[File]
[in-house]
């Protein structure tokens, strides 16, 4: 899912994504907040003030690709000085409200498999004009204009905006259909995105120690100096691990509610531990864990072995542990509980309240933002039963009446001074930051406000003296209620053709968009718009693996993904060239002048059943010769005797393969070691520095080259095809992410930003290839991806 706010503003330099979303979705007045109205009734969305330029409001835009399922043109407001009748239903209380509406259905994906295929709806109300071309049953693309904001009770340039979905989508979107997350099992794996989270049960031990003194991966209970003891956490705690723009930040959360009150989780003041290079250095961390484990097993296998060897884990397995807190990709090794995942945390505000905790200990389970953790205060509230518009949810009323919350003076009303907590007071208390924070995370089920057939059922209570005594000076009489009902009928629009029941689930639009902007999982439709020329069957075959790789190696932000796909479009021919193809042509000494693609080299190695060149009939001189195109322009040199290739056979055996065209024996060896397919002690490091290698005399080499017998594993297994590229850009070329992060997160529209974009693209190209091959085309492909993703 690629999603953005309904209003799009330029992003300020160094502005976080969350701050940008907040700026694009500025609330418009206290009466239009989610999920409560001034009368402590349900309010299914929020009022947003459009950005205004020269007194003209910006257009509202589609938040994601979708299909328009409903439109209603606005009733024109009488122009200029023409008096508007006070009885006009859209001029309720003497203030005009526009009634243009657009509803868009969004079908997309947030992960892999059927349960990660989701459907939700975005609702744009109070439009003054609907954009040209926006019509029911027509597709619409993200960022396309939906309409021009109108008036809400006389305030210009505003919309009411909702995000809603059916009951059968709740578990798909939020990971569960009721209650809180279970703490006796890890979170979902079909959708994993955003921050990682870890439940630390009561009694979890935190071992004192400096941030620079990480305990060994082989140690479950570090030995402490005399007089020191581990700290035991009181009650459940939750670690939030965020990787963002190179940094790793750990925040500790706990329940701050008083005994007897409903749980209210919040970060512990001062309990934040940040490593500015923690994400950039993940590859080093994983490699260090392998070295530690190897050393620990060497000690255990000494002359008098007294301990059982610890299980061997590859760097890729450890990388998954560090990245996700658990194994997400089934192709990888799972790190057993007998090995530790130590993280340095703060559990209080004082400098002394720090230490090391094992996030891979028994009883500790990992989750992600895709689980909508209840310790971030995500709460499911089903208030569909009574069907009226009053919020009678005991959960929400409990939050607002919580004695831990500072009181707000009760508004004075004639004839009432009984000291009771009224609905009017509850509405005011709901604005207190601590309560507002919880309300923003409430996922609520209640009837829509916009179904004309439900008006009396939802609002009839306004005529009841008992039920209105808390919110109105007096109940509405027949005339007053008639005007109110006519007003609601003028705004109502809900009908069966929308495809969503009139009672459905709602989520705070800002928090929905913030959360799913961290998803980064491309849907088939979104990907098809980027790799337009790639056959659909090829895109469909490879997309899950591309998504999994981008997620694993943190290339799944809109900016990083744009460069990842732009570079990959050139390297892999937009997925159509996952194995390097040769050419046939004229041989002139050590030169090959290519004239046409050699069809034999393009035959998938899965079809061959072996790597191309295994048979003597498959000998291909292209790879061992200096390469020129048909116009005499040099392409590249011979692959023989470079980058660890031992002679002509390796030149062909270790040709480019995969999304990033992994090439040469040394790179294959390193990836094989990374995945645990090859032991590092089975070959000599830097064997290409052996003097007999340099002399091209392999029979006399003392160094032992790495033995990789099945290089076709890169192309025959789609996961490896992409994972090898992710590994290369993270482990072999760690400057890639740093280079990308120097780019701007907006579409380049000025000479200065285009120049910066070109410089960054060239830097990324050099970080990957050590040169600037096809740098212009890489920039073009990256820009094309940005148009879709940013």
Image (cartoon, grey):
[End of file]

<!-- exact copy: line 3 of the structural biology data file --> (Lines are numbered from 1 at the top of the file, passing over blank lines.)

Image (cartoon, grey):